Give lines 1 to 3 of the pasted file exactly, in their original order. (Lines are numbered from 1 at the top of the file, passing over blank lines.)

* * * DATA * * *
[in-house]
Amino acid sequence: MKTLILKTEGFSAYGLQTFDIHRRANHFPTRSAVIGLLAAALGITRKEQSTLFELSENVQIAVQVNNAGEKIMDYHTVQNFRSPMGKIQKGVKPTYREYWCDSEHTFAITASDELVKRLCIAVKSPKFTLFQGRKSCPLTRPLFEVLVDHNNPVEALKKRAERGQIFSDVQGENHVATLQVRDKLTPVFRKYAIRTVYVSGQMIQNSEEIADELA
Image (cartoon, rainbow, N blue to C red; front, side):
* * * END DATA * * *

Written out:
[in-house]
Amino acid sequence: MKTLILKTEGFSAYGLQTFDIHRRANHFPTRSAVIGLLAAALGITRKEQSTLFELSENVQIAVQVNNAGEKIMDYHTVQNFRSPMGKIQKGVKPTYREYWCDSEHTFAITASDELVKRLCIAVKSPKFTLFQGRKSCPLTRPLFEVLVDHNNPVEALKKRAERGQIFSDVQGENHVATLQVRDKLTPVFRKYAIRTVYVSGQMIQNSEEIADELA
Image (cartoon, rainbow, N blue to C red; front, side):